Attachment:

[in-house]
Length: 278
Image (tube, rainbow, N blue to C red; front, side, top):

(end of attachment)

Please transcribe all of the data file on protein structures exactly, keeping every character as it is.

[in-house]
Length: 278
Image (tube, rainbow, N blue to C red; front, side, top):